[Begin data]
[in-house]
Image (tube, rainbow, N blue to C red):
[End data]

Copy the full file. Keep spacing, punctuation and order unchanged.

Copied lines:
[in-house]
Image (tube, rainbow, N blue to C red):